How Do I Avoid Workplace Birthday Celebrations?

Question to Ask the Workplace Doctors about office birthday celebrations:

I work in an office of about 150 coworkers. My birthday was this past year. I did not want a big deal made of it and I told people that. I walk into work the next morning having my desk decorated, a huge food spread in the empty cube next to mine, gifts, cake, etc. My problem is I feel I can’t possibly participate in every birthday celebration at work for financial reasons and stuff. I cannot begin to tell you how many times birthday cards go around at work asking for money for birthdays and food day celebrations.

My question is how do you say “no” to giving money for EVERY birthday at work etc.? I have seen parties at work burn so many people, and I am so turned off by them anymore. How do you avoid these “obligations?”

Signed, Turned Off By Birthday Celebrations

Dear Turned Off By Birthday Celebrations:

I feel your pain! I resist office celebrations for other reasons. But, do you recall The Borg, of Star Trek fame, who assimilated everyone into his or her collective? They would say, in a very reasonable tone of voice, “Resistance is futile.” The Borg must have invented office birthday events! My biggest irritation was that work came to a halt for hours on birthdays! We tried having a once a month thing for people with birthdays that month…then people would STILL want to do something special for their friends! I felt like the biggest old grump in the world when I talked about halting all of that. On the other hand, an executive in an office related to ours forbade all parties, decorations or anything else that might smack of holidays or special occasions, saying it was disruptive. So even I thought HE was an old grump!

A friend of mine took the day of his birthday off to avoid the hassle of it all. When he returned, his cubicle was decorated and the cake was waiting! After a lifetime of dealing with this in various capacities–and being at all points in the spectrum about it–I offer the following thoughts:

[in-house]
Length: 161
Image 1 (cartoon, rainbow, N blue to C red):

1. Consider writing a letter to your manager or supervisor and say that you would like to have everyone consider another method of celebrating birthdays, for a variety of reasons. You can choose to go into the reasons or not, but be prepared to have each of them rebutted. Among the reasons: Some people truly do not want to be reminded of the passing years. Others have personal birthday plans and don’t want to eat cake and other food the day they know they’ll be eating cake and plenty of other food, someplace else. Others–and increasingly more–are on low carbohydrate regimens that are ruined in that one-day. Some might like to go to lunch with a special person or group, but the office event makes that almost impossible. It’s disruptive to work and ends up taking up the entire day, either in the food and festivities, the decorating and taking down and the standing around talking about it. It’s expensive, even if only a few dollars are spent each time. Some people inspire more warmth than others, so there is often a feeling of hypocrisy and coercion about it.